Blessed Are the Dead
Emily Bestler Books/Washington Square Press, June 2012
The iconoclastic South African detective Sergeant Emmanuel Cooper returns in this excellent third installment in the series, replete with poignant observations on the effects of the rigid apartheid system in the country in 1953. Cooper, who remains in the dog house for past transgressions, is plucked by his superior to solve a murder in an attempt to resurrect his status.
Accompanied by black Detective Constable Samuel Shabalala, he finds the body of a 17-year-old Zulu girl, daughter of a chief. There are no clues at the scene, and the two have to scrounge for leads and face obstacles from the natives and landowners, each with their own agenda. The victim herself was involved in both the white and native African worlds, so that the detectives have to cope with the guarded secrets of both communities.
The characters drawn with deep accuracy to depict the characteristics of the South African society at the time are real and flawed. The novel brings the reader into the corrupt atmosphere of the country with careful descriptions and sharp prose. Another welcome addition to the adventures of a colorful detective, and it is most highly recommended.
Reviewed by Ted Feit, November 2012.
Let the Devil Sleep
Crown, July 2012
In his third appearance, retired NYPD detective David Gurney probably wishes he never answered the telephone. By doing so, he ends up in a most precarious situation when a journalist who had written a laudatory profile of him when he was a top homicide detective asks him to look over her daughter’s shoulder. The daughter has a chance to have her thesis idea converted into a TV series: “Orphans of the Murder,” a series of interviews with the families of the victims of a killer known as The Good Shepherd. The homicides had taken place a decade earlier.
Gurney reluctantly agrees, but then becomes more and more involved in the case, which he believes was mishandled in the original investigation. Of course, as he continues to look into it and raise questions, he makes no friends in the establishment, especially the FBI which had assumed control of the case. And complicating his efforts is the Good Shepherd’s attempts to forestall and kill the TV series.
The novel begins as Gurney is slowly recovering from three gunshot wounds, one to his head, as a result of his last exploit. And, of course, no Gurney story would leave him uninjured as a result of his determination to solve a case. While the plot is logical and straightforward, a lot of the writing is repetitive, especially Gurney’s relations with his second wife, Madeleine, and his son, Kyle. That said, the story moves forward at a swift pace and has an unforeseen conclusion, and it is highly recommended.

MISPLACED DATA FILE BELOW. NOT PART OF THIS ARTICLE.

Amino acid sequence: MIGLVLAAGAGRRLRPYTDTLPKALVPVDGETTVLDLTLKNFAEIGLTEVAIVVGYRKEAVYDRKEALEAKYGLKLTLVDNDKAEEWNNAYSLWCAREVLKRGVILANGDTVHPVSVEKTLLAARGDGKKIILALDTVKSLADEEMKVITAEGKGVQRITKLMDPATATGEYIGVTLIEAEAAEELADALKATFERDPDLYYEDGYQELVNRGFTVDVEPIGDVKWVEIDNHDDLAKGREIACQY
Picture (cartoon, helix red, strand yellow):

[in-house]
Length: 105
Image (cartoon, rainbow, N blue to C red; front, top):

Reviewed by Ted Feit, November 2012.
All I Did Was Shoot My Man
NAL, February 2013
Leonid Trotter (“LT”) McGill is a 55-year-old African-American man, a former boxer, con man, fixer and over-all reprobate turned [relatively honest] PI is one of the more unusual characters in mystery fiction. Married, he has little if anything to do with his wife. As far as his three children are concerned, he acknowledges that two are not his, but he loves and nurtures all. His collection of friends and associates are as unconventional as he is. And so are the books in the series, all somewhat bizarre but very enjoyable.
The plots of the series books, while intricate and complicated, tend to be odd. And the present installment is no different. In the past, LT framed a young woman who shot her boyfriend three times, when she came home to find him in bed with her best friend. Since she was destined to go to jail anyway, he planted evidence in her locker of complicity in a $548 million heist from an insurance company. Some years later, LT finds the “false” information that led to her conviction following which his lawyer gets her released from prison. As a result, a number of events take place, including an attempt on LT’s life, along with the murders of several others. Of course, it’s up to him to solve the case.
Written in a style that sometimes defies belief, the complexity and insight of the novel and, especially, the LT character, are overwhelming. With each book, development of LT as a person deepens, and the reader gains substantial knowledge of the man.
Reviewed by Ted Feit, January 2013.
Ballantine, February 2013
The team of psychologist Alex Delaware and LAPD homicide detective Lt. Milo Sturgis has been solving cases for a long time. But not like the crimes described in this latest installment. It starts out with the discovery of a child’s bones, which appear to be old, perhaps dating to the 1950’s. Soon, however, a fresh set of bones is found in a nearby park. And on the other side of the park, a murdered young woman. Are all these connected?
Following the familiar plot line, the detective follows procedure, and the psychologist thinks off the wall. And together they find the path to solving the mysteries, a tough road. Looking into the history of ownership of the first site provides little guidance. And there isn’t much more to go on in the case of the new set of bones or of the murder victim.
The hallmark of the series is the interchange and quips between Alex and Milo, and Guilt is no exception. The author has perfected the novels, plotting and characters to such a high degree as to make each new entry a joy to read. And the newest book conforms to that ideal, and certainly is recommended.
Reviewed by Ted Feit, March 2013.